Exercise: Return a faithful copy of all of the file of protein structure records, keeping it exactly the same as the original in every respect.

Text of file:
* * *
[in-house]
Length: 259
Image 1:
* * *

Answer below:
[in-house]
Length: 259
Image 1: